Life at its Fullest
Motivational speaker and corporate coach Scott Chesney has a "master's degree in life experiences." His postinjury insights reach audiences around the world.Scott Chesney's wheelchair recently crossed the goal line after another season—of tailgating.
A world traveler as a motivational speaker and corporate coach, Chesney has been paralyzed for two decades. Still, this past football season he chowed down and cheered at National Football League games such as the New York Giants versus his favorite Dallas Cowboys and the New York Jets versus the Miami Dolphins.
Time with his wife Pratiksha (Pat) and their children, Nia and Ray, is most important to Scott Chesney.
An athlete at 15, Chesney was strong, with high hopes. He had career plans and thoughts of fathering children. Today, after dealing with spinal-cord injury (SCI), he says whether it's SCI, polio, multiple sclerosis (MS), muscular dystrophy (MD), or any other condition or disease, "What I realize is, no matter what your disability may be, there is always room for growth and happiness."
According to Chinese tradition, Confucius was a thinker, political figure, and educator. His teachings form much of Chinese thought on education and how a person should live and interact with others, forms of society, and government.
Similarly, Chesney has been described as a master of living life to its fullest, while addressing more than a million people in 38 countries. After awakening to paralysis from a sudden spinal stroke, he's become a well-recognized workshop and keynote presenter, and his insights have been applauded by Fortune 500 corporations, hospitals, rehab centers, associations, and a United Nations audience.
In 1997, after Chesney spent years struggling emotionally, mentally, and spiritually, he had a once-in-a-lifetime opportunity—a chance to travel the world. This self-discovery, or "self-recovery," took him to 15 countries in 15 months. "I explored alternative or complementary medicine," Chesney says. "A newly-found self-awareness evolved slowly, which led me to explore the depths of pain, anger, and sadness I had suppressed for so long."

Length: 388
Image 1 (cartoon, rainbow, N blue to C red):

As old emotional and mental wounds were addressed and healed, "a new outlook on life began to take form," Chesney admits, and when he returned from his first global tour, he spoke at numerous corporations, universities, and hundreds of schools across the U.S.
Chesney says that after the "tremendous response from people of all ages and walks of life, it was suggested I take this message of hope, inspiration, and motivation back around the world to help others."
As a "life student," Chesney has examined transformational techniques of the world's exceptional teachers of human behavior, such as Tibetan spiritual leader the 14th Dalai Lama. Chesney believes he has tied these leaders' wisdom with his to create a personal blueprint for navigating life as a personal empowerment coach for adults, teens, and families.
With his wife, Pratiksha (Pat), Chesney journeyed to 26 countries from July 1999 to July 2000.
"Our message was heard by more than 40 million people. Sounds like a great excuse to write a book...a work in progress," he says.
On September 13, 1999, the Chesneys had a private audience with the 14th Dalai Lama in his home, high atop the mountains of Dharamsala, India. That aligns with Chesney's favorite writer, Dan Millman (The Peaceful Warrior) and Chesney's favorite quote: "Be the change you wish to see in the world" (Mahatma Gandhi).
Chesney, of Verona, N.J., holds a communications degree from Seton Hall University (South Orange, N.J.) and a "master's degree in life experiences." He's a trustee of Children's Specialized Hospital in New Jersey; sits on the advisory boards of the New Jersey Disability, Health, and Wellness Program and the Northern New Jersey Spinal Cord Injury System; and co-chairs the New Jersey chapter of the Buoniconti Fund to Cure Paralysis.
Find out more about Scott Chesney's inspirational life in this month's PN.
Life at its Fullest
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